Spring 1997 Graduate Seminar
Psychology 607, J. Freyd
Mondays 13:00-14:50, 156 Straub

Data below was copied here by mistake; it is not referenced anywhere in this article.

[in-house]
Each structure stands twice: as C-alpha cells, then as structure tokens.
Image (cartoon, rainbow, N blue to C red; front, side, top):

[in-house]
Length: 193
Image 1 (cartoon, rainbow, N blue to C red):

Do men and women use language differently? Do men and women think differently from one another? These are popular topics in current culture. Although we will acknowledge these questions, the primary focus of this seminar is on a different set of empirical questions that are often confused with the first set: What, if any, are the ways in which language reflects and perpetuates sexism. And if the language we hear and speak does play a role in supporting sexism, can we uncover the psychological mechanism mediating this relationship? That is, how do facts about (sexist) gender representation in language impact cognition and ultimately social behavior? In consciously changing language do we subvert oppression and if so what are the causal (and presumably largely unconscious) mechanisms that then support social change? To approach these questions we will explore basic facts about gender representation in language, and then delve into an understanding of the cognitive processes and mental representations that may be impacted by the sexism in language. We will evaluate the empirical evidence linking sexism in language to biases in mental imagery and memory. We will articulate a scientific psychology research agenda for exploring the unknown in this area. If we have time we may even ask what role language and cognition have in perpetuating the popular belief that men are from Mars and women are from Venus.